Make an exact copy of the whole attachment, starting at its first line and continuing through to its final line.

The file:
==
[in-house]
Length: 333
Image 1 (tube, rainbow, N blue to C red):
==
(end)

[in-house]
Length: 333
Image 1 (tube, rainbow, N blue to C red):